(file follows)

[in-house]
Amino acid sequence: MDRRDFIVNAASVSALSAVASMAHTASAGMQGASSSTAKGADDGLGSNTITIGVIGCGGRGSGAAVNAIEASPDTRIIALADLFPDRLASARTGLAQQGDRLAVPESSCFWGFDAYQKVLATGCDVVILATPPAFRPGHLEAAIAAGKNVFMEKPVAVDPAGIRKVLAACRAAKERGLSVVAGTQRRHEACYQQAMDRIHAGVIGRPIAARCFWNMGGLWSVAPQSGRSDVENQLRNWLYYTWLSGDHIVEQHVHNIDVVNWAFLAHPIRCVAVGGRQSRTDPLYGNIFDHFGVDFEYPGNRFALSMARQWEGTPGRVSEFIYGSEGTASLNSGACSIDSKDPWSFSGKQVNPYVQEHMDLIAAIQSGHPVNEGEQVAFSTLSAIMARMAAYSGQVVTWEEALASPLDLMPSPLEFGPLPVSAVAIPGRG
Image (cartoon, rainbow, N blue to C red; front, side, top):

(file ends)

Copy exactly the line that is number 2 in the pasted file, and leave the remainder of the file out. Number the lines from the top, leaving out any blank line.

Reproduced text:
Amino acid sequence: MDRRDFIVNAASVSALSAVASMAHTASAGMQGASSSTAKGADDGLGSNTITIGVIGCGGRGSGAAVNAIEASPDTRIIALADLFPDRLASARTGLAQQGDRLAVPESSCFWGFDAYQKVLATGCDVVILATPPAFRPGHLEAAIAAGKNVFMEKPVAVDPAGIRKVLAACRAAKERGLSVVAGTQRRHEACYQQAMDRIHAGVIGRPIAARCFWNMGGLWSVAPQSGRSDVENQLRNWLYYTWLSGDHIVEQHVHNIDVVNWAFLAHPIRCVAVGGRQSRTDPLYGNIFDHFGVDFEYPGNRFALSMARQWEGTPGRVSEFIYGSEGTASLNSGACSIDSKDPWSFSGKQVNPYVQEHMDLIAAIQSGHPVNEGEQVAFSTLSAIMARMAAYSGQVVTWEEALASPLDLMPSPLEFGPLPVSAVAIPGRG